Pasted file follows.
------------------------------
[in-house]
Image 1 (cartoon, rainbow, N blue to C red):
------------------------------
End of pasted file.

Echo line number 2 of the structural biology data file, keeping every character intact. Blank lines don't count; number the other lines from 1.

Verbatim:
Image 1 (cartoon, rainbow, N blue to C red):